Canada to recognize more vaccines, will soon require international students and workers to be fully vaccinated

Shelby Thevenot, Alexandra Miekus
Updated: Aug, 21, 2023
  • Published: November 19, 2021

Canada announced several new measures at the border that will begin to take effect at the end of the month.

Starting November 30, Canada will expand the list of COVID-19 vaccines that travellers can receive to be considered fully vaccinated, according to a government media release. Sinopharm, Sinovac, and COVAXIN will be added to the existing list of approved manufacturers like Pfizer, Moderna, Astra Zeneca, and Johnson and Johnson.

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Then as of January 15, 2022, certain exempt travellers will only be allowed to enter the country if they are fully vaccinated with one of the approved vaccines. This list includes:

  • family members of Canadians, permanent residents, and people registered under the Indian Act;
  • international students age 18 and older;
  • athletes;
  • work permit holders, except for those working in agriculture and food processing; and
  • essential service providers, such as truckers.

After the new measures come into effect, people who are unvaccinated or partially-vaccinated will only be allowed to travel to Canada if they meet an exemption. Some of the exempt groups include agricultural and food processing workers, marine crew members, people coming on compassionate grounds, new permanent residents, resettling refugees, and some children under age 18. These travellers, who are exempt from needing to be fully vaccinated, will still be subject to testing, quarantine, and other entry requirements. Those who are not vaccinated and do not fall under an exemption will be prohibited from entering Canada.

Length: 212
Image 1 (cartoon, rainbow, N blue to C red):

Also, as of November 30, fully vaccinated Canadian citizens and permanent residents will be able to return to the country without a COVID-19 test if their trip was for less than 72 hours. Canadian travellers who leave the country for more than three days will still be required to provide a negative PCR pre-arrival test upon their return.

Earlier this week, Prime Minister Justin Trudeau told U.S. lawmakers that Canada is planning a three-phased approach to removing the requirement for travellers to provide border officials with a PCR test, the Globe and Mail reports. The next phase is expected to affect U.S. travellers. After that, testing measures are expected to lift for travellers from the rest of the world.

The U.S. recently rolled back restrictions on Canadians crossing the land border for non-essential reasons. Fully vaccinated travellers were not required to submit a test when entering the U.S., but would have to provide one when crossing into Canada.

For many weeks, experts have been calling on the Canadian government to consider removing the costly COVID-19 PCR test requirement for fully vaccinated travellers on short cross-border trips. The main reason given is that these tests are expensive, typically between $150 and $300, and can be logistically difficult to perform if the length of stay is short. According to many people, such as those who have to travel frequently for business, this makes it very expensive to travel between the two countries.

The Canadian Chamber of Commerce issued a statement on November 17, calling on Canada to remove the pre-departure PCR test requirement for vaccinated travellers.

"Getting rid of unnecessary and outdated travel rules will help Canada's businesses get back to work – and compete," Perrin Beatty, president and CEO of the Chamber of Commerce, said in the release.

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